Historical Practice and the Applicability of the Foreign Emoluments Clause to the President

I want to return briefly to the question  whether the president holds an “Office of Profit or Trust under [the United States]” within the meaning of the Foreign Emoluments Clause (FEC). As far as I know, no judge in any of the three emoluments cases has expressed any support for the theory, pressed by Professors Tillman and Blackman in various amicus briefs, that the president does not hold such an office and therefore is not subject to the FEC. Nonetheless, the argument seems to have gained some traction in the legal academy, enough that Judge Rao, during the Mazars oral argument, referred to a dispute or debate among legal scholars on the subject. For that reason, I think it is worth calling attention to a congressional report that I recently came across which is of some relevance to this debate and which (again, as far as I know) has not been previously mentioned in that connection.

As background, you may recall that a key element of the Tillman/Blackman theory is that early presidents accepted gifts from foreign governments that allegedly would have been proscribed by the FEC if that clause applied to the president. The fact that these presidents accepted such gifts without seeking congressional consent, the argument goes, constitutes compelling evidence of the clause’s original meaning.

One might ask, though, why would this be so? Assuming that presidents accepted gifts otherwise proscribed by the FEC, this could reflect (1) lack of awareness of or attentiveness to the FEC; (2) a deliberate decision to ignore the FEC; or (3) a sincere but mistaken view the FEC did not apply to the presidency. It is not obvious why the facts as described by Tillman and Blackman should be given any particular weight in ascertaining the meaning of the FEC. Cf. Comm. on the Judiciary, U.S. House of Representatives, v. McGahn, No. 19-cv-2379, slip op. at 98 (D.D.C. Nov. 25, 2019) (“It goes without saying that longevity alone does not transform an unsupported notion into law.”).

In a recent article, Professor William Baude identifies a three-part test, drawn from James Madison’s thinking, for determining when historical practice can fix or “liquidate” the meaning of a constitutional provision: (1) the provision must be ambiguous or indeterminate; (2) there must be a course of deliberate practice based on a widely-understood interpretation of the constitutional provision; and (3) the practice must result in a lasting constitutional settlement where the practice/interpretation is widely accepted in government and the general public. See William Baude, Constitutional Liquidation, 71 Stanford L. Rev. 1, 13-21 (2019).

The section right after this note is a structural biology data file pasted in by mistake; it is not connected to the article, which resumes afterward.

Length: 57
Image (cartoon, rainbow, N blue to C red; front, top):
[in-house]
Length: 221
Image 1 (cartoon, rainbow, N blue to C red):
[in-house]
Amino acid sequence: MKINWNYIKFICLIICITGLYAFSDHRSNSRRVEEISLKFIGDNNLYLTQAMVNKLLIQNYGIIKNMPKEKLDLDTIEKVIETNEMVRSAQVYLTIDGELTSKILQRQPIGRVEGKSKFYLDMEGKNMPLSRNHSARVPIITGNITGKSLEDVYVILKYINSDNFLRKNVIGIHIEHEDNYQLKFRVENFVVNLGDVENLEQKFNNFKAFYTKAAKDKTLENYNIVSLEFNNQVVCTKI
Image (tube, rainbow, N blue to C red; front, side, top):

Let’s apply these elements to the historical practice identified by Professors Tillman and Blackman. On the first element, in my view the FEC unambiguously covers the president, but reasonable minds can differ could differ on this score. So we will assume this element is satisfied.

It matters not, however, because Tillman/Blackman lose spectacularly on the last two elements. If any president attempted to justify the acceptance of a gift on the ground that the FEC was inapplicable to his office, he did not do so publicly. Similarly, there could be no constitutional settlement in favor of excluding the president from the FEC because there is no evidence that Congress or the public were even aware that this interpretation had been asserted, much less that they acquiesced in it. Moreover, even if there was an early practice of presidents treating the FEC as inapplicable to their office, this practice did not last, but was replaced by the contrary practice, which has lasted to this day.